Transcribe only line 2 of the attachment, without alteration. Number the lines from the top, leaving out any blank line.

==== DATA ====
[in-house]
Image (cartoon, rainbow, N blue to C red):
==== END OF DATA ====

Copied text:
Image (cartoon, rainbow, N blue to C red):